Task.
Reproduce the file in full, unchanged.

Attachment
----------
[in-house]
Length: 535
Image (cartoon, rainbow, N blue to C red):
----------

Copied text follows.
[in-house]
Length: 535
Image (cartoon, rainbow, N blue to C red):